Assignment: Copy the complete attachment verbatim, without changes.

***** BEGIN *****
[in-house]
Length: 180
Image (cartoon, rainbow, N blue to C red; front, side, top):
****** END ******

[in-house]
Length: 180
Image (cartoon, rainbow, N blue to C red; front, side, top):